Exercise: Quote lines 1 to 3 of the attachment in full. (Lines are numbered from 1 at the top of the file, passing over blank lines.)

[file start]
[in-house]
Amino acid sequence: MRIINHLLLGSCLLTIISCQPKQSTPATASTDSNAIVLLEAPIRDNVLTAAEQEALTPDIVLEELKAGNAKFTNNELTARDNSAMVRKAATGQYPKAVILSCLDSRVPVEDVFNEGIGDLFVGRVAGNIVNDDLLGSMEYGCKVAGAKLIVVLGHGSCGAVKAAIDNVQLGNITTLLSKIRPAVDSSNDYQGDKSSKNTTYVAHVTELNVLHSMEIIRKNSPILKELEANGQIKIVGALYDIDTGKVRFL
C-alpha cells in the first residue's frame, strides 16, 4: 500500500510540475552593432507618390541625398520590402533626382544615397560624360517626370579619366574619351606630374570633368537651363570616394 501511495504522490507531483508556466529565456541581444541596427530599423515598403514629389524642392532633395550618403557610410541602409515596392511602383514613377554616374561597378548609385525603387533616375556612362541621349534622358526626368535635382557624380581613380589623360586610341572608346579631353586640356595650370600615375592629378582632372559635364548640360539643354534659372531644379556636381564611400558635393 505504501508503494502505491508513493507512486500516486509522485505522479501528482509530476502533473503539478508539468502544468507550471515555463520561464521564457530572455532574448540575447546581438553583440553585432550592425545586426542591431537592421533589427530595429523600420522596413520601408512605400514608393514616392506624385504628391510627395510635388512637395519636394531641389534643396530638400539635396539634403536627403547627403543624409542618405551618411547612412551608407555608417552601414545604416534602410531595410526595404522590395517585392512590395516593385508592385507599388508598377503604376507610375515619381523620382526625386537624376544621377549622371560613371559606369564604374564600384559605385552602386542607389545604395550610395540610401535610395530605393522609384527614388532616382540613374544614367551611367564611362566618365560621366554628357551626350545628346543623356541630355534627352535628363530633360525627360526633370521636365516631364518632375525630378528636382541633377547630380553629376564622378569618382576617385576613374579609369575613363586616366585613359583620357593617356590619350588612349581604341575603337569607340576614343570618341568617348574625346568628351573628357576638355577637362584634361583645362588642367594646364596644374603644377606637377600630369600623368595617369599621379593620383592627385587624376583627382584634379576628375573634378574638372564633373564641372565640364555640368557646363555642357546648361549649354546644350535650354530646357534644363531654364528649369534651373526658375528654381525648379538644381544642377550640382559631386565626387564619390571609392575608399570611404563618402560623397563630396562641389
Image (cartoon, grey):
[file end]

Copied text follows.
[in-house]
Amino acid sequence: MRIINHLLLGSCLLTIISCQPKQSTPATASTDSNAIVLLEAPIRDNVLTAAEQEALTPDIVLEELKAGNAKFTNNELTARDNSAMVRKAATGQYPKAVILSCLDSRVPVEDVFNEGIGDLFVGRVAGNIVNDDLLGSMEYGCKVAGAKLIVVLGHGSCGAVKAAIDNVQLGNITTLLSKIRPAVDSSNDYQGDKSSKNTTYVAHVTELNVLHSMEIIRKNSPILKELEANGQIKIVGALYDIDTGKVRFL
C-alpha cells in the first residue's frame, strides 16, 4: 500500500510540475552593432507618390541625398520590402533626382544615397560624360517626370579619366574619351606630374570633368537651363570616394 501511495504522490507531483508556466529565456541581444541596427530599423515598403514629389524642392532633395550618403557610410541602409515596392511602383514613377554616374561597378548609385525603387533616375556612362541621349534622358526626368535635382557624380581613380589623360586610341572608346579631353586640356595650370600615375592629378582632372559635364548640360539643354534659372531644379556636381564611400558635393 505504501508503494502505491508513493507512486500516486509522485505522479501528482509530476502533473503539478508539468502544468507550471515555463520561464521564457530572455532574448540575447546581438553583440553585432550592425545586426542591431537592421533589427530595429523600420522596413520601408512605400514608393514616392506624385504628391510627395510635388512637395519636394531641389534643396530638400539635396539634403536627403547627403543624409542618405551618411547612412551608407555608417552601414545604416534602410531595410526595404522590395517585392512590395516593385508592385507599388508598377503604376507610375515619381523620382526625386537624376544621377549622371560613371559606369564604374564600384559605385552602386542607389545604395550610395540610401535610395530605393522609384527614388532616382540613374544614367551611367564611362566618365560621366554628357551626350545628346543623356541630355534627352535628363530633360525627360526633370521636365516631364518632375525630378528636382541633377547630380553629376564622378569618382576617385576613374579609369575613363586616366585613359583620357593617356590619350588612349581604341575603337569607340576614343570618341568617348574625346568628351573628357576638355577637362584634361583645362588642367594646364596644374603644377606637377600630369600623368595617369599621379593620383592627385587624376583627382584634379576628375573634378574638372564633373564641372565640364555640368557646363555642357546648361549649354546644350535650354530646357534644363531654364528649369534651373526658375528654381525648379538644381544642377550640382559631386565626387564619390571609392575608399570611404563618402560623397563630396562641389